‘Bird Kingdom speedsters’ threatened with extinction as their food sources threatened
There is an ornithological mystery that confuses scientists.
Yellow-billed kites aren’t known as the speedsters of the bird kingdom. Rather, they seem to spend their days lazily gliding over the thermals in search of something to eat.
But all is not what it seems.
Not so long ago, it was discovered that a yellow-billed kite had traveled quickly to Rwanda from South Africa.
“So he went right outside Pietermaritzburg to Hoedspruit (Limpopo) in one day. And then the next day, from there to the top of Zimbabwe in this corner with Mozambique. And then straight on to Rwanda. So huge distances, ”says Professor Colleen Downs of the School of Life Sciences at the University of KwaZulu-Natal.
Now the question is, did the bird receive assistance from a high altitude jet stream in its intra-African migration? Or was this bird’s journey unusual compared to others of its species?
Until recently, birders were unable to glimpse the long-haul flights of birds. The flyways had to be reconstructed from the sightings and the strange bird found that had been previously banded.
Today, smaller and smaller trackers tell where birds go and how they get there.
The yellow-billed kite that Downs and his team were tracking had a tracker that carries a SIM card and uses cellular technology.
As part of their ongoing study, they have installed tracking devices on eight other yellow-billed kites and will publish their results soon.
Trackers are now placed on even smaller birds. Just over a week ago, researchers at Lund University, Sweden, revealed in the Journal, iScience, a study they had done on common swifts.
These small birds with their long back wings are known to spend up to ten months of the year in continuous flight. They even sleep while flying.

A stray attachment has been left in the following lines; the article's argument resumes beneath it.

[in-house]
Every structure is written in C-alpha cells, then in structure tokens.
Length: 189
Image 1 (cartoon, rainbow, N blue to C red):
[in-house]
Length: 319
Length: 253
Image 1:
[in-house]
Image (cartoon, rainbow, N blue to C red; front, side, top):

They migrate to sub-Saharan Africa in the summer and have also been seen flying over Joburg.
Swifts were also believed to be able to travel long distances quickly. But what the scientists found was astonishing. These birds traveled an average of 570 kilometers per day. The maximum distance recorded in the study was over 830 kilometers per day for nine days.
“We found that Common Swifts nesting in the northernmost part of the European breeding range are making the fastest swift migrations recorded so far, exceeding expectations,” says Susanne Åkesson of Lund University. . “The Swifts appear to achieve these high speeds for substantial distances – averaging about 8,000 kilometers one way – in the spring using a mixed migration strategy, with stopover refueling and a flight and forage strategy, this which means they feed and feed a little each day.
Åkesson and his colleagues used tracking technology that geolocates using light to track birds.
As these birds return to their breeding grounds each year, they have been able to recover many trackers.
The study suggests that swifts could predict the weather, so the winds will help their flights.
“They seem to schedule their departures for the migration, so that the winds will be favorable for the coming flight period. This means that they don’t react directly to local winds, but what they expect to find along the route over the next few days, ”she said, explaining that the birds could do so by measuring the atmospheric pressure associated with weather conditions.
As the stalkers shrink their size even further, Downs believes they’ll be able to delve into the secret lives of even smaller birds.
“Are these little brown guys coming from Siberia to Africa, like some of the Reed Warblers. So we have data ringing, people called it in Siberia. And then we caught them here in Pietermaritzburg. So when they come in the summer, I think these distances, and given their size, will be really spectacular. That’s once we get some sort of transmitter small enough to accommodate them, ”says Downs.
The advantage is that the information gleaned from these tracking devices could help conserve some of these bird species.
Researchers studying the common swift have expressed concern that the bird’s dependence on insects could put them at risk, due to the use of pesticides by humans. And climate change could influence weather conditions and winds, which could impact their migration routes.
But the trackers of the future will not only reveal the lives of migratory species in the bird kingdom.
Bird banding also raised a few other little mysteries. One concerns a cape with white eyes, a bird that at first glance seems to jump from one garden to another.
“We rang a white eye in Pietermaritzburg and they found it in Ladysmith (a distance of 170 km). So some of the little things that we don’t even realize are moving, ”says Downs.
The Saturday Star